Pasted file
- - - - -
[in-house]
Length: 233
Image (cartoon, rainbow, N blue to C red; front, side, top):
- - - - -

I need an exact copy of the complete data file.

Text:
[in-house]
Length: 233
Image (cartoon, rainbow, N blue to C red; front, side, top):